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Re^7: What is "aggressive" argument? (Streitkultur)

by LanX (Canon)
on Nov 03, 2010 at 13:00 UTC ( #869225=note: print w/ replies, xml ) Need Help??


in reply to Re^6: What is "aggressive" argument?
in thread What is "aggressive" argument?

> I also worked in several countries in North West Europe--Benelux, Netherlands, Germany,Scandinavia. And there I found they thrive on directness. And mostly, there is no animosity attached to it. You go into a meeting, stand either side of the conference table arguing strongly for an hour; break for coffee and have a laugh about the sport, the weather TV or whatever, before going back in and laying into each other(s points of view). Then a manager calls time; makes a decision; and everyone abides by it. Then lunch together.

This phenomenon is sometimes called Streitkultur and sorry couldn't find an English WP page explaining it. Maybe the term Dutch uncle is a reference to this phenomenon. See also leo for possible translations.

But it's not uniform, there are many regional differences, misunderstandings in discussion culture are a regular source of animosities.

E.g. between (Alemanic) Swiss and (northern) Germans, even while speaking the same language. (Not even talking about British/German-misunderstandings.)

Can't say much about US discussion culture, still hard to understand for meš... (maybe somewhere in between televangelist and John Wayne ...SCNR ;-)

And there are still differences in the educational background. In my observation MBAs rather prefer to win a debate no matter which tricks they use and where the truth lies..

But BUK, to answer your OP, an important part of "Streitkultur" is fairness, e.g. exaggerating rhetorical tricks or strawmans are considered "aggressive".

Cheers Rolf

UPDATE:

1) interesting read "Those Americans, mein Gott, I'm never completely sure when they really mean what they say."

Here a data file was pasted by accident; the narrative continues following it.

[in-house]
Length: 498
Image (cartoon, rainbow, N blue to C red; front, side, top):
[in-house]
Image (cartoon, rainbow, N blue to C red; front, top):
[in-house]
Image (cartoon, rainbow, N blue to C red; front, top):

Comment on Re^7: What is "aggressive" argument? (Streitkultur)
Re^8: What is "aggressive" argument? (Streitkultur)
by BrowserUk (Pope) on Nov 03, 2010 at 21:36 UTC
    This phenomenon is sometimes called Streitkultur and sorry couldn't find an English WP page explaining it.

    Google came up with "A culture of debate", which seems pretty good to me.

    The wikipedia page contrasts it with "autocratic systems", which I thinks is also relevant here.

    If also sums up better than I did, (despite being an auto-translation), what I was trying to say with the OP:

    In a democratic society there is a fundamental principle: different people have different opinions. Parliamentary democracy thrives on political debate, of conflicting interests and finding a balance between these interests. 3 During the dispute in autocratic systems usually seen as a weakening of the Community or a deviation from accepted norms and stabilization is considered in the.

    I don't believe that debate weakens this place at all. Not even heated debated. Indeed, I believe it to be the life-blood of this place. Without it, this place would die.

    But BUK, to answer your OP, an important part of "Streitkultur" is fairness, e.g. exaggerating rhetorical tricks or strawmans are considered "aggressive".

    You and I have touched on similar discussion before. You seem to view 'rhetoric' and 'rhetorical trickery' as the same thing. They aren't.

    Rhetoric is not a scheme for winning arguments. It is codification of techniques for:

    • presenting argument clearly and concisely;
    • and for analysing others arguments to separate the valid from the invalid; the relevant from the irrelevant.

    Whilst it can be used by adept practitioners (which I am not), to attempt to overwhelm the opponents arguments rather than address them; discerning and distinguishing attempted trickery, from the more commonplace mistake or misunderstanding, is another skill set entirely.

    For example, distinguishing a genuine, but erroneous attempt at justification, from a 'deliberate strawman', is a very fine line. I seem to be attributed with far greater skills in rhetoric than I actually have.


    Examine what is said, not who speaks -- Silence betokens consent -- Love the truth but pardon error.
    "Science is about questioning the status quo. Questioning authority".
    In the absence of evidence, opinion is indistinguishable from prejudice.
      Too much heated debate will hurt The Monastery, because heated debates tend to eventually devolve into borderline flamewars or even outright flamewars. It might be more accurate to say that having a few "lively" individuals helps make the place more interesting.

      Update: And I'm not sure I buy into your "heated debate" theory. The common bond of trying to solve problems with Perl, how open we are to accepting and helping those new to Perl, and the diverse background of various Monks are arguably much more important. I mean, if you, tye, and ikegami never got into a pissing match ever again, I seriously doubt The Monastery would crumble.

      Elda Taluta; Sarks Sark; Ark Arks

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